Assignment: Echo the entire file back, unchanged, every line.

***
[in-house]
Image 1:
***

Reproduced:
[in-house]
Image 1: